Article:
Background: Concerns have been raised that education may have greater benefits for persons at high risk of coronary heart disease (CHD) than for those at low risk.
Methods: We estimated the association of education (less than high school, high school, or college graduates) with 10-year CHD risk and body mass index (BMI), using linear and quantile regression models, in the following two nationally representative datasets: the 2006 wave of the Health and Retirement Survey and the 2003–2008 National Health and Nutrition Examination Survey (NHANES).
Results: Higher educational attainment was associated with lower 10-year CHD risk for all groups. However, the magnitude of this association varied considerably across quantiles for some subgroups. For example, among women in NHANES, a high school degree was associated with 4% (95% confidence interval = −9% to 1%) and 17% (−24% to −8%) lower CHD risk in the 10th and 90th percentiles, respectively. For BMI, a college degree was associated with uniform decreases across the distribution for women, but with varying increases for men. Compared with those who had not completed high school, male college graduates in the NHANES sample had a BMI that was 6% greater (2% to 11%) at the 10th percentile of the BMI distribution and 7% lower (−10% to −3%) at the 90th percentile (ie, overweight/obese). Estimates from the Health and Retirement Survey sample and the marginal quantile regression models showed similar patterns.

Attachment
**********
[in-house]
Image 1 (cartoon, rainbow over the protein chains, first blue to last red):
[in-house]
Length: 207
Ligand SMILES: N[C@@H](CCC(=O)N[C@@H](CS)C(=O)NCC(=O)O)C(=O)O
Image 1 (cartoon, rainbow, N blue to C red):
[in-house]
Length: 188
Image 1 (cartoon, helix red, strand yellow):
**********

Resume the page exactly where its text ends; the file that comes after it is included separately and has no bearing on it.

Conclusion: Conventional regression methods may mask important variations in the associations between education and CHD risk.